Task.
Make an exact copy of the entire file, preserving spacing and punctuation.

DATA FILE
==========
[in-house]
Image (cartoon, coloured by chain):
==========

[in-house]
Image (cartoon, coloured by chain):